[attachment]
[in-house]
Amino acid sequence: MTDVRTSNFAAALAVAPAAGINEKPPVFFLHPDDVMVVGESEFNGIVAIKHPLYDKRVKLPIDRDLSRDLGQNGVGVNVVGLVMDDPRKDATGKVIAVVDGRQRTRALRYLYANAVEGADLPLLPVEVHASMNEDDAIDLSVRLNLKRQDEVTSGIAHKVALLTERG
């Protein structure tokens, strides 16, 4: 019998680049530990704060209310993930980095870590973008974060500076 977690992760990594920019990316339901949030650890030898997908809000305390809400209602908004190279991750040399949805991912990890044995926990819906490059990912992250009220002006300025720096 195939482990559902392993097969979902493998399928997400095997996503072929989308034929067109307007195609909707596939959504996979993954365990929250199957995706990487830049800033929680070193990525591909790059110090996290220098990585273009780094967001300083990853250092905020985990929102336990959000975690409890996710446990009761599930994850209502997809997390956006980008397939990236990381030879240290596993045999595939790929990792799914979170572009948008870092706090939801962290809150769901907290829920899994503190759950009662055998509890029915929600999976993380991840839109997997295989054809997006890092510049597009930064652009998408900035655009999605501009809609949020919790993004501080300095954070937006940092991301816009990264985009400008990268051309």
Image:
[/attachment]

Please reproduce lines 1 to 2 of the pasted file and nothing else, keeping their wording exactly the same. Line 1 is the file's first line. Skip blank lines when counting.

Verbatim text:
[in-house]
Amino acid sequence: MTDVRTSNFAAALAVAPAAGINEKPPVFFLHPDDVMVVGESEFNGIVAIKHPLYDKRVKLPIDRDLSRDLGQNGVGVNVVGLVMDDPRKDATGKVIAVVDGRQRTRALRYLYANAVEGADLPLLPVEVHASMNEDDAIDLSVRLNLKRQDEVTSGIAHKVALLTERG